At Salon today, I did another post on how ridiculous it is that the US just sanctioned Venezuela. As part of it, I discuss again how China and Russia are setting up new financial tools to contest our financial hegemony.
Worse, at a time when America’s dominant position in the world’s financial system is newly contested, such a claim may not only intensify Latin American opposition to U.S. intrusions, but also ignite Russian and Chinese efforts to establish alternatives to U.S. default financial tools.
For years, the U.S. has used its dominant position in the global financial system to use sanctions to punish people it doesn’t like — without much evidence those sanctions help to change the underlying behavior. The Venezuelan sanctions reflect a new degree of pettiness, given Venezuela’s own fragility in the face of depressed oil prices. And because of a confluence of issues — including the obviously bogus rationalization for these sanctions — these sanctions may backfire on several levels, both in U.S. efforts to undermine Maduro’s rule, but also in U.S. efforts to pretend its sanctions represent anything but an easy way to selectively enforce obedience to its demands.
Along those lines, the UK just ignored our concerns and joined the Chinese-financed Asian Infrastructure Investment Bank.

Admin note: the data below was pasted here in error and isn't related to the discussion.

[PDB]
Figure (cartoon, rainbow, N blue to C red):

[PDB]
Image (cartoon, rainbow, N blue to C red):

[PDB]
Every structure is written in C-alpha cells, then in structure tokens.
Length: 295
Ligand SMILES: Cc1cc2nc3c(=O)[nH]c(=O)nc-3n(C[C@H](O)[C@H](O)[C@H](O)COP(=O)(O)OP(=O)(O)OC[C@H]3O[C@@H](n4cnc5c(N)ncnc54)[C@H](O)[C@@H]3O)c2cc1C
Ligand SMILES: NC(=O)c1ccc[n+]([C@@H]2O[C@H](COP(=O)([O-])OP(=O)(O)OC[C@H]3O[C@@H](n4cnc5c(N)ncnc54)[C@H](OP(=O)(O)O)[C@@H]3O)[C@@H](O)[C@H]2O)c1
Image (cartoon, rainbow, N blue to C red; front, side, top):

The UK is the first big Western economy to apply for membership of the Asian Infrastructure Investment Bank (AIIB).
The AIIB will fund Asian energy, transport and infrastructure projects.
However, the US has raised questions over the bank’s commitment to international standards on governance.
In a statement, UK Chancellor George Osborne said the UK had “actively promoted closer political and economic engagement with the Asia-Pacific region” and that joining the AIIB at the founding stage would create “an unrivalled opportunity for the UK and Asia to invest and grow together”.
The hope is that investment in the bank will give British companies an opportunity to invest in the world’s fastest growing markets.
But the US sees the Chinese effort as a ploy to dilute US control of the banking system, and has persuaded regional allies such as Australia, South Korea and Japan to stay out of the bank.
In response to the move, US National Security Council spokesman Patrick Ventrell said: “We believe any new multilateral institution should incorporate the high standards of the World Bank and the regional development banks.”
I actually think providing legitimacy for the bank will be good for Asian countries, as it will force US-backed institutions to be more responsive.
But at the same time, it will undercut whatever power the US continues to exercise through its financial hegemony.